In 1729, as reported in chapter 12 of Kitāb-i Sar-Guzasht-i Kāshān dar Bāb-i ʿIbrī va Goyimi-yi Sānī (Jud.-Pers. The Book of Events in Kashan Concerning the Jews; Their Second Conversion), the Jews of Kāshān came under great pressure to pay a huge sum of money to the rapacious Ṭahmāsp Khān,  the future Nādir Shāh(r. 1736–1747). The community, including its leader,  David Nasi, opted to convert to Shīʿī Islam rather than pay the amount demanded.  Abraham Yazdī, a traveling merchant residing in Kāshān, staunchly opposed the decision to convert “voluntarily.” Maintaining…

Academic Study of Iranian (Persian) Jewry

(3,710 words)

Author(s): Vera B. Moreen
Like the study of Ottoman Jewry, the academic study of Iranian (Persian) Jewry is a subfield of the study of the Jews in the Islamic and Mizraḥi (“eastern”) worlds. It originated in the study of Iranian linguistics in the late nineteenth century and began to grow in the late 1960s with the spread of the study of Judeo-Persian texts. It expanded considerably for the next three decades, but remains a neglected field of Jewish and Iranian studies, with hardly any younger scholars entering the field. Philology and Linguistics The study of the Judeo-Persian language began as a number of…

Lārī, Abū 'l Ḥasan

(428 words)

Author(s): Vera B. Moreen
Abū ʾl Ḥasan Lārī was the central figure in an incident that occurred in the southwestern Iranian town of Lār sometime between 1616 and 1620, as recounted in the Judeo-Persian chronicle Kitāb-i Anusī (The Book of a Forced Convert) by Bābāī b. Luṭf. Its main element was an effort to make the Jews wear demeaning headgear that would distinguish them from Shīʿī Muslims, in keeping with the customs ostensibly initiated by the caliph ʿUmar ibn al-Khaṭṭāb (r. 634-644). According to Ibn Luṭf, the Jews of Lār were concerned about the conflict of interest generated by the circumsta…

Nādir Shāh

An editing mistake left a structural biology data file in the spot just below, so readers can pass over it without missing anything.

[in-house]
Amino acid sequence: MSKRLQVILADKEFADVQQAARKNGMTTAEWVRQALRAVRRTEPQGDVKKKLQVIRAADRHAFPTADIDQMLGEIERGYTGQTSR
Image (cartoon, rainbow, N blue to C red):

(978 words)

Author(s): Vera B. Moreen
Nādir ShāhAfshār (r. 1736–1747), born Nādir Qulī Beg, was a member of the Turkoman Afshār tribe in Khurāsān. He was chiefly responsible for bringing about the final disintegration of the Ṣafavid dynasty (1501–1736), briefly replacing it  with his own Afshārid dynasty (1736–1795). A victorious warrior from his youth, Nādir’s numerous military campaigns can only be highlighted here. He and his band rose to prominence during the Afghan occupation of Iran (1722–1730). Nādir came to the attention of the Ṣafavid prince  Ṭahmāsp II (r. 1722–1732) as a potential savior of his dynas…

ʽĀlamārā-yi Ἁbbāsi, Tārīkh-i

(315 words)

Author(s): Vera B. Moreen
Tārīkh-i ʿ Ālamārā-yi Ἁbbāsī by Iskandar Beg Munshī (d. ca. 1632) is the most important work of Iranian historiography on the Ṣafavid era (1501–1722). While the introduction briefly discusses the reigns of Shahs Ismāʽīl I (1501–1524), Ṭahmāsp (1524–1576), Ismāʽīl II (1576–1578), and Muḥammad Khudābanda (1578–1587), it is mainly devoted to a detailed and spirited description of the reign of Shah ʽAbbās I (“the Great”; 1571–1629). As a royal secretary, Iskandar Beg Munshī observed many of the events he described and sought to acquire reliable information.…

Bābāī ben Farhād

(582 words)

Author(s): Vera B. Moreen
Bābāī b. Farhād is the author of Kitāb-i Sar-Guzasht-i Kāshān dar bāb-i ʿIbrī va Goyimi-yi Sānī (The Book of Events in Kashan Concerning the Jews; Their Second Conversion), the second Judeo-Persian chronicle in verse known thus far. It covers selected events between 1721 and 1731 during the reigns of the Ṣafavid shahs (see Iran/Persia) Sultan Ḥusayn (1694-1722) and Ṭahmāsp II (1722-1731). Bābāī b. Farhād acknowledges that his inspiration to record mostly contemporary events, some of which he witnessed, came from Kitāb-i A nusī (The Book of a Forced Convert), the first …

Chronicle of the Carmelites

(230 words)

Author(s): Vera B. Moreen